Test–Retest Reliability of Eye Tracking in the Visual World Paradigm for the Study of Real-Time Spoken Word Recognition PurposeResearchers have begun to use eye tracking in the visual world paradigm (VWP) to study clinical differences in language processing, but the reliability of such laboratory tests has rarely been assessed. In this article, the authors assess test–retest reliability of the VWP for spoken word recognition.MethodsParticipants performed an auditory VWP ... Article
Article  |   August 01, 2013
Test–Retest Reliability of Eye Tracking in the Visual World Paradigm for the Study of Real-Time Spoken Word Recognition
 
Author Affiliations & Notes
  • Ashley Farris-Trimble
    University of Iowa, Iowa City
  • Bob McMurray
    University of Iowa, Iowa City
  • Correspondence to Ashley Farris-Trimble, who is now affiliated with the Burnaby campus of Simon Fraser University in British Columbia, Canada: ashley_trimble@sfu.ca
  • Editor: Janna Oetting
    Editor: Janna Oetting×
  • Associate Editor: Marc Joanisse
    Associate Editor: Marc Joanisse×
Article Information
Research Issues, Methods & Evidence-Based Practice / Language
Article   |   August 01, 2013
Test–Retest Reliability of Eye Tracking in the Visual World Paradigm for the Study of Real-Time Spoken Word Recognition
Journal of Speech, Language, and Hearing Research, August 2013, Vol. 56, 1328-1345. doi:10.1044/1092-4388(2012/12-0145)
History: Received April 30, 2012 , Revised October 2, 2012 , Accepted December 21, 2012
 
Journal of Speech, Language, and Hearing Research, August 2013, Vol. 56, 1328-1345. doi:10.1044/1092-4388(2012/12-0145)
History: Received April 30, 2012; Revised October 2, 2012; Accepted December 21, 2012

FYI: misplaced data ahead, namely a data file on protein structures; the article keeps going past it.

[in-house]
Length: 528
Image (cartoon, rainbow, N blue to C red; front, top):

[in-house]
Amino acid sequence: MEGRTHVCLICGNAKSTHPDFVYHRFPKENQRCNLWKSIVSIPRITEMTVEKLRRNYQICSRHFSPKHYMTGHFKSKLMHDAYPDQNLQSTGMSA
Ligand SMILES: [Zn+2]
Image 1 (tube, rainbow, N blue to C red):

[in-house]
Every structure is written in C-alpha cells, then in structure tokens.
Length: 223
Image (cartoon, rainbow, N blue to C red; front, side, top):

Web of Science® Times Cited: 7

PurposeResearchers have begun to use eye tracking in the visual world paradigm (VWP) to study clinical differences in language processing, but the reliability of such laboratory tests has rarely been assessed. In this article, the authors assess test–retest reliability of the VWP for spoken word recognition.

MethodsParticipants performed an auditory VWP task in repeated sessions and a visual-only VWP task in a third session. The authors performed correlation and regression analyses on several parameters to determine which reflect reliable behavior and which are predictive of behavior in later sessions.

ResultsResults showed that the fixation parameters most closely related to timing and degree of fixations were moderately-to-strongly correlated across days, whereas the parameters related to rate of increase or decrease of fixations to particular items were less strongly correlated. Moreover, when including factors derived from the visual-only task, the performance of the regression model was at least moderately correlated with Day 2 performance on all parameters (R > .30).

ConclusionThe VWP is stable enough (with some caveats) to serve as an individual measure. These findings suggest guidelines for future use of the paradigm and for areas of improvement in both methodology and analysis.

Acknowledgments
This research was supported by National Institutes of Health Grants DC000242, DC008089, and DC011669. Many thanks to Bruce Tomblin for help discussions about the issues raised by reliability, Kristian Markon for statistical assistance with the communality analyses, Dan McEchron for administrative support and assistance with recruiting, and the members of the MACLab at the University of Iowa for helpful discussions. Thanks also to our participants.
Order a Subscription
Pay Per View
Entire Journal of Speech, Language, and Hearing Research content & archive
24-hour access
This Article
24-hour access